Domestic Abuse Bill

Written evidence submitted by the Centre for Women’s Justice (DAB19)

Proposed amendments to Domestic Abuse Bill regarding bail

1. Introduce a presumption in favour of pre-charge bail for all domestic abuse-related cases and serious sexual offences unless this is clearly not necessary in the individual case:

Centre for Women’s Justice carries out training with frontline domestic abuse and sexual violence services around England and Wales, during which we receive reports from support workers on their day to day experience of supporting victims. We continually hear reports that bail conditions are not used by the police, both following arrest and following voluntary attendance interviews. These include high risk domestic abuse cases dealt with at Multi-Agency Risk Assessment Conferences (MARAC).

Given the repeat nature of virtually all domestic abuse-related crimes and harassment / stalking offences connected to domestic abuse, bail conditions will almost always be appropriate. In approximately 90% of serious sexual offences the suspect is known to the victim [1] and it is critical that there is no contact between the parties during the police investigation in such cases. The removal of the presumption in favour of release without bail will ensure that bail conditions are the norm in the overwhelming majority of cases in these categories.

Placing the presumption in favour of bail on a statutory footing will have greater impact than current police guidance, issued in May 2019 [2] which merely encourages officers to give "serious consideration" to use of bail conditions in domestic abuse and other "high harm" cases. Our experience is that this has not ensured that bail conditions are used in practice. Whilst welcome, the current guidance does not go far enough.

Policing and Crime Act 2017 section 52(3) amends section 30A Police and Criminal Evidence Act 1984 to impose a presumption of release without bail unless the conditions for bail apply. The conditions are that bail is necessary and proportionate in all the circumstances, introduced by section 52(4) of the 2017 Act as an amendment to the 1984 Act.

The amendment sought to the Domestic Abuse Bill would disapply these provisions in domestic abuse-related cases and sexual offences and replace them with the alternative presumption.

2. Extend the initial bail period to six months in domestic abuse-related and serious sexual offences cases:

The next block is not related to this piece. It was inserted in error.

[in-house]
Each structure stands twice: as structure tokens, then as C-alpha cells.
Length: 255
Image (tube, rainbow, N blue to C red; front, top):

There are approximately half a million domestic abuse-related crimes per year. [3]

Frontline support workers report to us that is it is very common when victims report domestic abuse, including harassment and stalking, that bail conditions are not imposed and instead they are advised by the police to obtain a non-molestation order through the civil courts. This places the burden of obtaining protection onto victims themselves, rather than the state, which has a duty to protect. Where police advise a non-molestation order, then clearly the conditions for bail conditions have been met, namely that these are "necessary and proportionate". [4] By its nature, domestic abuse almost invariably involves a repeat pattern of behaviour. Harassment and stalking offences against a former partner which take place after the end of a relationship also involve a repeated course of conduct. Victims of these types of offences will as a matter of course require protective measures as there is a particularly high risk that suspects will try to make contact.

Support workers state that police officers often advise victims to obtain a civil order without an apparent understanding of the process involved to obtain such an order, officers treating this as a simple matter for victims to arrange. In fact, the process places high practical, financial and emotional demands on victims. If they qualify for legal aid they must provide detailed financial documentation to lawyers and deal with intrusive questions about their finances, and often have to pay a significant contribution towards legal aid. If they do not qualify they must either pay a solicitor privately (often in the region of £1,500 to £2,000) or make the court application alone. They may have to face their abuser in court if he chooses to contest the order. In addition, they have to pay for a process server to serve the order for it to become valid and arrange for it to be recorded at the police station. Some women do not have the personal, financial or emotional resources, support or ability to go through this process, or do not appreciate the degree of risk they face, and do not obtain civil orders. Non-molestation orders are typically granted for a period of at least six months.

Bail conditions are the most efficient way for the state to meet its obligations to provide protection to vulnerable victims during the police investigation. The use of bail conditions has dropped dramatically since the introduction of the pre-charge bail regime under the Policing and Crime Act 2017 in April 2017 [5] .